Pennsylvania may soon begin capturing and sequestering carbon underground with the passage of a measure that one Republican senator calls a “pragmatic solution” to address climate change concerns without interfering with economic activity.

Senate Bill 831 seeks to “provide [e] for the injection of carbon dioxide into an underground reservoir for the purpose of carbon sequestration,” a novel approach to mitigating carbon emissions. It has gained traction among climate advocates in recent years.

The Senate Environmental Resources and Energy Committee approved the bill on Wednesday.

Peter Psarras, a research assistant professor at the University of Pennsylvania’s Department of Chemical and Biomolecular Engineering, told DVJournal the practice involves “storage of CO2 in a non-atmospheric system, and usually for meaningful time periods.

“There is a bit of back-and-forth over what constitutes meaningful in this sense,” Psarras said, “but we’re mostly concerned with ensuring that the CO2 does not revert back to the atmosphere any time soon.”

He said the maximum ideal storage time is more than 1,000 years.

State Sen. Gene Yaw, the bill’s prime sponsor, told DVJournal the bill “is a proactive step to secure Pennsylvania’s future as a hub for carbon capture and sequestration.”

“It’s a pragmatic solution to a problem that we all want to solve – reducing our carbon emissions without crippling the reliability of our existing power grid,” Yaw said. “Pennsylvania is uniquely qualified to develop a vast [carbon capture] network, thanks to our robust energy industry and extensive geological formations.”

“We should act now to establish a solid regulatory framework that will attract investment, development, and economic opportunity for decades to come.”

In carbon sequestration, CO2 is captured during industrial processes such as energy generation and heavy fabrication outfits. The gas is then compressed and stored in underground rock formations. In some cases, CO2 can also be used to produce materials such as graphene, which can be used in smartphone screens.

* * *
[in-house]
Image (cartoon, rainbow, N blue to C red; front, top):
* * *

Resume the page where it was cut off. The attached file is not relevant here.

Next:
Carnegie Mellon Thomas Lord University Professor of Chemistry Neil Donahue said large-scale carbon sequestration is likely feasible–if it’s done right.

“Most oil and gas formations already have a lot of CO2 in them, which typically just vents from the wells,” he explained. “For the most part, those formations do not leak unless we poke a hole in them.”

Donahue said the formations “have held the gas and oil (and CO2) for millions of years. So shoving new CO2 into them probably would work.”

Hannah Wiseman, a Wilson Faculty Fellow in the College of Earth and Mineral Sciences at Penn State said studies have shown carbon sequestration is an “essential” component to mitigating the worst theoretical effects of climate change.

“Many criticize carbon sequestration as allowing continued production of fossil fuels while capturing the carbon,” Wiseman said.

“But the technique of direct air capture simply removes carbon from the atmosphere—a critical enterprise given that even if we were to reduce [greenhouse gas] emissions tomorrow, there would be massive quantities of GHGs still in the atmosphere and being released from the oceans, continuing to contribute to climate change.”

Yaw’s bill said carbon capture “will benefit [Pennsylvania] and the global environment by reducing greenhouse gas emissions and will help to ensure the viability of the energy and power industries of [the state].”

The state Department of Conservation & Natural Resources said it “has been engaged on the topic of carbon capture utilization and storage for nearly 20 years.”

The state “has geologic resources in the western and northern portions of the state that could be used for beneficial use or permanent storage of CO2,” the DCNR claims.